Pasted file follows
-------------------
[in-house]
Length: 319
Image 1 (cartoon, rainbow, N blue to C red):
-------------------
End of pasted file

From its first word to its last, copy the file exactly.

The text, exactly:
[in-house]
Length: 319
Image 1 (cartoon, rainbow, N blue to C red):